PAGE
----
For full details, including the proper way to change your Emblem, check out Bungie's Weekly Update here. For those looking to simply make a donation, you can do so with the Canadian Red Cross here.

Update: The Bungie Store ships to the US only, so those of us in Canada can not order a shirt.

Mass Effect 2 Media Updates

Another week, another batch of Mass Effect 2 updates! We've got three videos this week. The first of which details the Solider class, the second is the Subject Zero "Psychopath" Trailer, and the last is the "Fight for the Lost" Shepard trailer.

You can watch them all here or below.

Lastly, the Arsenal has been updated with two new weapons, the M-490 Blackstorm Projector and the M-622 Avalanche, and several sets of armour including the Terminus Assault, Inferno, Collectors', Blood Dragon, and N7 Armour. You can check out the weapons here and the armour here.

BioShock 2 Audio Logs and Screenshots

The Audio Logs scattered about Rapture played an important story telling devise in the first game, and with BioShock 2 less than a month away, The Cult of Rapture is hosting an exclusive first listen at some of the Audio Logs we'll be able to discover this time around.

Minor spoilers, of course, but if you're interested, head right this way.

Also, TeamXbox is hosting a bunch of new screenshots for BioShock 2 right here.

Mass Effect: Retribution Announced

BioWare and EA have announced the next Mass Effect novel, entitled Mass Effect: Retribution.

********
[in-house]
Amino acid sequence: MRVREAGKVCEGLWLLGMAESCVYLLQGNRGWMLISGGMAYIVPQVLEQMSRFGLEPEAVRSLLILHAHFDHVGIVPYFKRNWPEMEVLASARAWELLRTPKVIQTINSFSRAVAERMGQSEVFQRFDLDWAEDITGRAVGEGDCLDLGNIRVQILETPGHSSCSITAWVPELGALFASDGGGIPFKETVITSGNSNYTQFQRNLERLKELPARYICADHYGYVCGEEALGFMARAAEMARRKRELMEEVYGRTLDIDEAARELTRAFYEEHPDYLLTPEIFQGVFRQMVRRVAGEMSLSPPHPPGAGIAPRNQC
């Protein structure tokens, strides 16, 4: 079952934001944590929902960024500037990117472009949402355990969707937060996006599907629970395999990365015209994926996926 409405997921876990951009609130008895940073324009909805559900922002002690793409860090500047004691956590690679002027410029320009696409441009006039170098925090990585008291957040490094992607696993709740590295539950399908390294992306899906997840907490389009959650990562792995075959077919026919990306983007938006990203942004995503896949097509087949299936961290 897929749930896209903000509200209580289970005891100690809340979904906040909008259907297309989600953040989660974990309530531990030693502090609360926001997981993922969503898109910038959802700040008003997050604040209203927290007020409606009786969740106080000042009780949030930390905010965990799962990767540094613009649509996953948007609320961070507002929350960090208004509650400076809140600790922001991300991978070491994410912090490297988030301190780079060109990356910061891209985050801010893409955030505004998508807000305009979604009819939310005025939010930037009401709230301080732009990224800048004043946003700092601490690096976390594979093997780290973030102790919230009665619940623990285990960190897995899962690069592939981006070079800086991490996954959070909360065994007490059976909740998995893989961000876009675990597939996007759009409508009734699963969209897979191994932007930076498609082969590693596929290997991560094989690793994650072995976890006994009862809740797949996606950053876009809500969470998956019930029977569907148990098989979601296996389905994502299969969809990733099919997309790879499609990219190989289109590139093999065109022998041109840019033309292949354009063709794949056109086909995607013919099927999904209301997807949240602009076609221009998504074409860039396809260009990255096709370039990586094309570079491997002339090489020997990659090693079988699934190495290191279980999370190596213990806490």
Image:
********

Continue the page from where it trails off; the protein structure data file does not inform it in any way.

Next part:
To be published this coming July, Mass Effect: Retribution will focus on the Illusive Man and his desire to unlock the Reapers' secrets by implanting their technology in a living human host. That host just happens to be Paul Grayson, an ex-Cerberus operative who betrayed the Illusive Man in the last novel.

Sounds like an interesting way to expand the game's universe.

Left 4 Dead 2 Sold

Finally got around to selling my copy of Left 4 Dead 2 (Xbox 360) today. I tried the game a few times, but as far as I'm concerned it's another lackluster product courtesy of Valve Software.

Interestingly though Best Buy wouldn't take it. The UPC number on my case didn't match the general one in their system, so it was a no-go. I went to Deja Vu Discs and sold it there, and I surprisingly got very little for it, only $16.00. I could have taken the time to sell it for more privately, but time is at a premium for me these days.